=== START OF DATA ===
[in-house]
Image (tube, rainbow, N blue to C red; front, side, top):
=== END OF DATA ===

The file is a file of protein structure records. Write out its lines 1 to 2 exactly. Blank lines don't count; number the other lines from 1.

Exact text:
[in-house]
Image (tube, rainbow, N blue to C red; front, side, top):